Will Foreign Powers Prevail in the U.S. 2020 Elections? Safeguarding the vote from foreign influence
Will Foreign Powers Prevail in the U.S. 2020 Elections?
Safeguarding the vote from foreign influence
Presented: Wednesday, September 23
Will Foreign Powers Prevail in the U.S. 2020 Elections? Safeguarding the vote from foreign influence
As our nation counts down to one of the most consequential Presidential and Congressional elections in U.S. history, one question looms: Is our democracy under threat from foreign influence?
In 2016, President Putin sought to undermine Hillary Clinton’s candidacy and to help elect Trump. Now, other powers, such as China and Iran, have allegedly entered into the election-meddling game. While foreign actors seek to influence U.S. elections, the extent of this threat and who is doing it has increasingly become ensnared in the polarization and partisan rancor dividing the U.S. Against the government's own intelligence findings, President Trump downplayed Russian inference in the 2016 election, and he continues to minimize Russia’s role in putting the integrity of the 2020 election at risk. On the other side, Bernie Sanders was criticized for being too slow to acknowledge Russian efforts to boost his candidacy. While President Trump claims that China is working to elect Joe Biden; others argue that China prefers another Trump presidency. Dark conspiracies abound on the web. And the intelligence on foreign influence campaigns itself has become a political football, ironically exacerbating societal and political divisions that foreign actors seek to exploit.
What foreign powers are trying to influence U.S. politics? What are their motives? What tools are they deploying? What impact might they have on the outcome of our elections? What can we do as a society to safeguard our democracy? On Sep. 23, 2020, we hosted a virtual conference with renowned experts for an important and informative discussion to unpack these issues.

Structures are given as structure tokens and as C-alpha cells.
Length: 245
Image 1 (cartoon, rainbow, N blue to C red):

Fiona Hill, The Brookings Institution
"A conversation with Fiona Hill on democracy and foreign influence in U.S. elections"
Moderators: Declan Tomlinson (LMU student) and Matt Lamantia (LMU student)
Presentations and Discussion
Bilyana Lilly, Rand Corporation
“Russia and China’s strategic motives: disinformation and cyber operations in context”
Ellen Nakashima, Washington Post
“Foreign interference, the press and the balance of threats”
Alex Stamos, Stanford University
“Applying Global Lessons in Disinformation to the US 2020 Election”
Moderators: Wayne Limberg and Veronica Backer-Peral (LMU student)
Presented by Loyola Marymount University’s Global Policy Institute in conjunction with the Bellarmine College of Liberal Arts, College of Business Administration, School of Film and Television, Seaver College of Science and Engineering, History Department, Political Science and International Relations Department, International Relations Program, and Journalism Program.
About Loyola Marymount University
LMU is a private Catholic university with 6,000 undergraduates, 2,200 graduate students and 1,100 law students from diverse backgrounds and many perspectives. Our seven colleges and schools boast best-in-the-nation programs in film and television, business, education and more. Our stunning campus in West Los Angeles is a sun-soaked oasis overlooking the Pacific coast and a model of sustainability. We're rooted in the heart of Los Angeles, a global capital for arts and entertainment, innovation and technology, business and entrepreneurship. Our mission is grounded in a centuries-old Jesuit educational tradition that produces extraordinary men and women dedicated to service and social justice. We're proud of more than 85,000 LMU alumni whose professional achievements are matched by a deep commitment to improving the lives of others.